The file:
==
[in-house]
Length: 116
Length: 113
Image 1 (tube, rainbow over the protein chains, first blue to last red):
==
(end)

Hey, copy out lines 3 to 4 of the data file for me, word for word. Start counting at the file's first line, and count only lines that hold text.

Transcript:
Length: 113
Image 1 (tube, rainbow over the protein chains, first blue to last red):